How to make a small home work for your large family

How to make a small home work for your large family

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Large families with two or more children tend to struggle when it comes to finding somewhere to live. If you have a large family and are living in a small home, you’ll know how hard life can be. There doesn’t seem to be any space, and you feel like you have to move into a bigger house. This can cost way more money and be completely unaffordable.

What can you do? Well, you could start saving for a bigger place to live, or you could make more out of what you’ve got. Keeping that in mind, I have some advice that all families can benefit from, particularly large ones living in a small home. Read on, and you’ll find out how you can make a small home work for you.

Sharing Bedrooms

It’s highly possible for a family of five to survive with only two bedrooms. Especially if you have young children between the ages of around 0 and 10/11. All you have to do is stick all your kids in the same bedroom, so there’s no need for any extra rooms. Now, you could have a room spare to turn into a playroom or something more practical for your family. How can you fit three kids in one room? It’s easy if the room isn’t large enough for three single beds, then you’ve got triple bunk beds to help you out. This gives all three kids a bed and frees up loads of space in their room too. So, they can rest comfortably, enjoy a cool bunk bed, and have plenty of room for activities.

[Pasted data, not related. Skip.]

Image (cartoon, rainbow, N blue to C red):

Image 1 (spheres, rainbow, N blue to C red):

Smart Storage

One of the worst things about having a large family is that you make a lot of mess. Having multiple kids means there will be loads of toys everywhere, and your home gets cluttered up easily. To solve this, you need some smart storage space. Buy things that have dual functions and serve a primary purpose while doubling up as storage. I’m talking about a footstool that opens up to reveal storage space or a bed for you and your partner that has storage underneath. Find ways of storing all the clutter out of sight, and you will make your home feel much bigger.

Open Plan Living

This final tip might take some work, but it’s well worth the hassle. Instead of spending money on a new home, why not invest in a renovation? Design your home, so you’ve got an open plan living design going on. Your dining area opens up into your lounge, and it creates one gigantic area, compared to two separate rooms. As a result, you feel like you have way more room and you don’t feel as crowded and cramped. It helps your house feel less claustrophobic

By applying these tips to your home, you can make a small house work for your large family. Now, you don’t have to worry about finding somewhere larger to live – at least not until your kids are more grown up and can’t share a room. But, by then, you should have enough savings to make a move without worrying about money.  

Letting go and moving on…from neglected toys.

Letting go and moving on…from neglected toys.